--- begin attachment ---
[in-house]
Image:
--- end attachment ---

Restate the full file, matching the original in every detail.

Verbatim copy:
[in-house]
Image: